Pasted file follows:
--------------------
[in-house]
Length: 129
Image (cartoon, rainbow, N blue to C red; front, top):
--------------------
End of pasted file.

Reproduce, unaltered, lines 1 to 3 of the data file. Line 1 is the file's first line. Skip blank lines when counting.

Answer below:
[in-house]
Length: 129
Image (cartoon, rainbow, N blue to C red; front, top):